Common Sense Laws and the Letter of the Law


We need rules to govern the roads. Before, speed limits and other regulations, the fatality rate on the roads was significantly higher. Before the 1930s, the roads were left to the freedom of people who used them and they were death traps.
Whilst laws are generally very good, the problem is that they can only go so far, and sometimes a rigid interpretation can conflict with common sense.

I’m not trying to say we should breaking laws. I just feel that sometimes not enough attention is focused on those aspects of road use which actually cause the fatalities.

One Way Streets

One way street with counter flow for cyclists (Dublin)

In the UK it is illegal to cycle the wrong way down a one way street. In the US it is legal. Common sense would dictate that if the one way street is wide enough, cyclists should be able to ride against the traffic. It is lazy legislation to just ban cycling in one way streets. After all, it is not bikes taking up most of the space.
Max Speed Limits.

The problem with maximum speed limits is that some motorists can see this as a target speed (or even target speed plus add on 10mph). But, there are many country roads which have a 50mph speed limit, yet, common sense dictates the maximum speed limit should be 40mph. As a cyclist you certainly feel the vulnerability and danger of cars passing at 50mph+ on tight narrow twisting roads. It is hardly surprising that this rural roads have the highest fatality rates.

Compare that to driving on a motorway, people exceeding the speed limit by driving 80mph are breaking the law; but, the danger to other road users is much less than driving 1mph over a 50 limit on rural roads.

I’d be happy for motorway limit to be raised to 80mph, but, limit for many rural roads should be reduced from 50 to 40mph. The point is speed limits are not  a perfect guide to how fast to travel. And I wouldn’t want to waste time writing articles in national newspapers denouncing all the irresponsible motorists who  break the law exceeding motorway limit.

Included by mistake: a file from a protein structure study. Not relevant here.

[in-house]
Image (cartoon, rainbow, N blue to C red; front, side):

Visibility of Bad Road Use
Also, some of the most dangerous driving practices are not breaking an obvious law. When a car squeezes past me, leaving a gap of a few inches, it is not exactly clear which law they are breaking. I’m sure many motorists drive dangerously without ever being aware of the danger they put other road users in. Yet, cycle through a pedestrian light when it is red and it is a very obvious infringement of a traffic law. But, if we take the common sense approach we would be much more concerned about dangerous manoeuvres such as driving tired,  driving aggressively, breaking speed limits, cycling without lights e.t.c than with a rigid pursuit of law infringements.
Red Lights and Red Lights
Red lights were introduced to help improve traffic flows. If you are at a pedestrian light and no one is there, you could cycle through and break the law. But, there is a huge difference between doing that and going through a red light at a T junction which interferes with other traffic flows and causes cars to have to brake e.t.c.
In Glass Houses Throw Stones.
Sometimes, you see people get worked up into an apoplexy of self-righteous indignation. – How dare that person cycle 10 metres on a pavement at walking speed to get from one cycle path to another. It’s against the law! But, these  people are probably the same who exceed speed limits or drive with a mobile phone e.t.c. You could call it the Jeremy Clarkson syndrome – have a go at cyclists, but, then ignore your own set of traffic laws such as paying no attention to speed limits. I’d be happy for Jeremy Clarkson to berate cyclists to his heart’s content if he promised to stick to all speed limits on the road. But, of course, he wouldn’t because he might try to argue it is not common sense to stick at 70 mph on motorways.

It is not just motorists who abandon common sense. Cyclists are just as prone to bouts of irrationality. I read in Cycling Weekly last week that the  CTC once had a position that cyclists shouldn’t be made to use lights in the dark – the responsibility should be for motorists to pick out dark cyclists in the pitch black and not run over them. Now, that’s the kind of lack of common sense which really doesn’t help anyone.


2 Responses to Common Sense Laws and the Letter of the Law

  1. Anon December 6, 2009 at 5:17 am #

    What makes you think it’s legal for bikes to travel wrong way in US? There are sometimes “wrong way” bike lanes with signs such as “No Entry Except Bicycles” and so on, but I believe it is still illegal to cycle wrong way (even though you may be suggesting that in the US this would never actually be enforced vs. potentially strict enforcement in the UK).

  2. Patrick December 2, 2009 at 1:15 pm #

    Great post Tejvan, good to see these issues discussed in a simple and rational way.

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